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I was not much afeard:' for once, or twice,
I was about to speak; and tell him plainly,
The selfsame sun, that shines upon his court,
Hides not his visage from our cottage, but
Looks on alike."-Will’t please you, sir, be gone?

[To Flo.
I told you, what would come of this: 'Beseech you,
Of your own state take care: this dream of mine,
Being now awake, I'll queen it no inch further,
But milk my ewes, and weep.
Cam.

Why, how now, father? Speak, ere thou diest. Shep.

I cannot speak, nor think, Nor dare to know that which I know.-0, sir, [To Flo.

9 I was not much afeard : &c.] The character is here finely sustained. To have made her quite astonished at the King's discovery of himself had not become her birth; and to have given her presence of mind to have made this reply to the King, had not become her education. Warburton. 1 I was about to speak; and tell him plainly,

The selfsame sun, that shines upon his court,
Hiles not his visage from our cottage, but

Looks on alike.] So, in Nosce Teipsuin, a poem, by Sir John Davies, 1599:

“ Thou, like the sunne, dost with indifferent ray,

“ Into the palace and the cottage shine." Again, in The Legend of Orpheus and Eurydice, 1597:

“ The sunne on rich and poor alike doth shine." Looks on alike is sense, and is supported by a passage in King Henry VIII:

No, my lord,
“ You know no more than others, but you blame

Things that are known alike.that are known alike by all. To look upon, without any substantive annexed, is a mode of expression, which though now unusual, appears to have been legitimate in Shakspeare's time. So, in Troilus and Cressida:

“ He is my prize; I will not look upon." Again, in King Henry VI, P. III:

- Why stand we here -
“ And look upon, as if the tragedy

“Were play'd in jest by counterfeited actors.Malone. To look upon, in more modern phrase, is to look on, i. e. to be a mere idle spectator. In this sense it is employed in the two preceding instances. Steevens.

the selfsame sun, &c.] “ For he maketh his sun to rise on the evil and the good.” St. Matthew, c. 5, v. 45. Douce.

i. e.

You have undone a man of fourscore three,2
That thought to fill his grave in quiet; yea,
To die upon the bed my father died,
To lie close by his honest bones: but now
Some hangman must put on my shroud, and lay me
Where no priest shovels-in dust.3-0 cursed wretch!

[7. PER.
That knew'st this was the prince, and would'st adventure
To mingle faith with him.-Undone! undone!
If I might die within this hour, I have liv'd
To die when I desire. 4

[Exit. Flo.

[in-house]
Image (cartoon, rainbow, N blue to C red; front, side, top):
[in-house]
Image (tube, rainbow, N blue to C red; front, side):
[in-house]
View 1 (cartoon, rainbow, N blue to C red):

Why look you so upon me?'
I am but sorry, not afeard; delay'd,
But nothing alter’d: What I was, I am:
More straining on, for plucking back; not following
My leash unwillingly.
Cam.

Gracious my lord,
You know your father's temper:6 at this time
He will allow no speech,—which, I do guess,
You do not purpose to him ;-and as hardly
Will he endure your sight as yet, I fear:
Then, till the fury of his highness settle,
Come pot before him.
Flo.

I not purpose it.
I think, Camillo.

2 You have undone man of fourscore ree, &c.] These senti. ments, which the poet has heightened by a strain of ridicule that runs through them, admirably characterize the speaker; whose selfishness is seen in concealing the adventure of Perdita; and here supported, by showing no regard for his son or her, but being taken up entirely with himself, though fourscore three.

Warburton. 3 Where no priest shovels-in dust.] This part of the priest's office might be remembered in Shakspeare's time: it was not left off till the reign of Edward VI. Farmer. That is—in pronouncing the words earth to earth, &c. Henley. If I might die within this hour, I have liv'd To die when I desire So, in Macbeth:

“ Had I but died an hour before this chance,

“I had liv'd a blessed time.” Steevens. 5 Why look you so upon me?] Perhaps the two last words should be omitted. Steevens.

6 You know your father's temper:] The old copy reads-my father's. Corrected by the editor of the second folio. Malone.

Cam.

Even he, my

lord.
Per. How often have I told you, 'twould be thus?
How often said, my dignity would last
But till 'twere known?
Flo.

It cannot fail, but by
The violation of my faith; And then
Let nature crush the sides o'the earth together,
And mar the seeds within!?-Lift up thy looks: 8.
From my succession wipe me, father! I
Am heir to

my

affection.
Cam.

Be advis'd.
Flo. I am; and by my fancy:9 if my reason
Will thereto be obedient, I have reason;
If not, my senses, better pleas’d with madness,
Do bid it welcome.
Cam.

This is desperate, sir.
Flo. So call it: but it does fulfil my vow;
I needs must think it honesty. Camillo,
Not for Bohemia, nor the pomp that may
Be thereat glean’d; for all the sun sees, or
The close earth wombs, or the profound seas hide
In unknown fathoms, will I break my oath